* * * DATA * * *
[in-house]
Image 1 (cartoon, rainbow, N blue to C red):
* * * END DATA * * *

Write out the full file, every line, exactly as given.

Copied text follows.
[in-house]
Image 1 (cartoon, rainbow, N blue to C red):